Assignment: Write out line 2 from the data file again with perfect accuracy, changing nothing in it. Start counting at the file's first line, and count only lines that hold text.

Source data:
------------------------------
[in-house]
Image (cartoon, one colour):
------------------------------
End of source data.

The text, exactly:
Image (cartoon, one colour):